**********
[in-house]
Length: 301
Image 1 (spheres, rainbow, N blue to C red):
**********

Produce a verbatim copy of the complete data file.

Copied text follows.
[in-house]
Length: 301
Image 1 (spheres, rainbow, N blue to C red):